Northern Ireland news

Stormont suspension thwarts nuclear dump proposals

Amy Shelton of Radioactive Waste Management outlines the geological conditions that make certain areas potentially suitable for the disposal of radioactive waste

THE British government-owned company tasked with finding sites for disposing of radioactive waste has said it cannot progress any plans for a nuclear dump in Northern Ireland while Stormont is suspended.

Radioactive Waste Management (RWM) said the north is the "region least likely" to house a nuclear waste disposal facility because the project requires the approval of the devolved administration, as well as those living near a potential site.

Concern about the company's plans was triggered by an online video showing prospective locations for a nuclear dump.

The video shows Amy Shelton, a senior research manager with RWM, outlining the geological conditions that make certain areas suitable for the disposal of radioactive waste.

The presentation, which divides the north into four geological areas – or subregions – is similar to corresponding videos produced by RWM that cover England and Wales.

Scotland does not feature as its devolved government adopted a policy of 'near surface disposal', according to RWM.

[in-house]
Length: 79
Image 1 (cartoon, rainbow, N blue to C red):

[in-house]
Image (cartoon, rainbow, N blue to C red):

The video sparked a response from political representatives in south Down after the granite-rich area around Newry was earmarked by Ms Shelton as a potential location for a "geological disposal facility".

She said more work was needed to establish whether conditions are suitable.

But Sinn Féin MP Chris Hazzard said any proposal to locate a site in parts of Co Down and Co Armagh was "totally unacceptable".

“Britain cannot use the north as a dumping ground for this hazardous and toxic material – not only would this have dire consequences for our environment but it would also pose a serious health risk to the population," he said.

SDLP MLA Colin McGrath said the proposal outlined in the video "beggars belief".

"Our areas of outstanding natural beauty and of significant environmental importance cannot become dumping grounds for British nuclear waste," he said.

"We have been subjected to years of abnormal radioactive levels given our proximity to Sellafield and this news that government agencies have been poking around our Areas of Outstanding Natural Beauty to find holes for nuclear waste is beyond comprehension."

A spokesman for RWM said the disposal of radioactive waste is a devolved matter and that "no host site for a geological disposal facility has been identified and no region is being targeted over another".

"In the continued absence of the executive, no further commitments regarding the disposal of radioactive waste in Northern Ireland – including Newry – can be given," the spokesman said.

"Accordingly, we can confirm that for the time being at least we will not pursue a siting process in Northern Ireland."

The RWM spokesman said that in addition to suitable geological conditions, the "consent of a willing community" was required.

"Without these two things we cannot go ahead and build the facility," he said.

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